One Ticket to Grant Money: Closing the Gap
By Don Peek

One of the easiest ways to acquire grant money for your school is to find an achievement gap to close. Almost every school has some type of achievement gap; and many granting entities are interested in investing their money to help close those gaps. Find the gap(s) in your school and you might be on your way to some grant money.

Typically, serious achievement gaps exist between economically advantaged and disadvantaged students. Gaps of that nature can be found in many, many schools. Differences of two years or more in reading and math levels are frequently found when the achievement of economically disadvantaged students is compared to those who are not.

Other gaps may exist between minority and non-minority students and between suburban, rural, and urban students. Minority, rural, and inner-city students may appear to lag in achievement because of their race or where they live but, on closer observation, it is often their economic status that produces gaps.

Some gaps can be traced to reduced expectations on the part of parents, educators, or the community as a whole. Grant money may be useful in implementing programs to reduce those gaps, too.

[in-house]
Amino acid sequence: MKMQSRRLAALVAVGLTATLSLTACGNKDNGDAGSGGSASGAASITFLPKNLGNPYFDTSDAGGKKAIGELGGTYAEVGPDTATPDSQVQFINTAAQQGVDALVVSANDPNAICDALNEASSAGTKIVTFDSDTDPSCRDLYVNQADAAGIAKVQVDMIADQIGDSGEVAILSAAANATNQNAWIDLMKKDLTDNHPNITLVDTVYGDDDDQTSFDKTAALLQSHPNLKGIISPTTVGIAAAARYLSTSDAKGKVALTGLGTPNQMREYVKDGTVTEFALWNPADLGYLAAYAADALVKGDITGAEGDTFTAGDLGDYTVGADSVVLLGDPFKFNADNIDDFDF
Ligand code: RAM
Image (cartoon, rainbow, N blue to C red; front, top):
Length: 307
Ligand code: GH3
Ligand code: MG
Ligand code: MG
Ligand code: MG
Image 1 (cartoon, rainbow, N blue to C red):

Another achievement gap, which is typically not explained by economics, is one that can exist between male and female students in the mathematics and science areas. All too often that gap can be tracked to lower expectations by teachers and the larger educational community. Grant money can help schools build high expectations and achievement for all.

Achievement gaps can usually be pinpointed by comparing test scores of various student groups. If you find one or more of the achievement gaps I've mentioned in your school or classroom, remember that the existence of that gap provides an excellent reason to apply for grants to help reduce or eliminate it.

Don Peek is an expert in school funding. He has run The School Funding Center since 2001. Its database contains over 100,000 grants available to all types of schools in the United States. Don worked in education for 20 years as a teacher, principal, and assistant superintendent before becoming the VP then the president of the training division of Renaissance Learning, developer of the Accelerated Reader.

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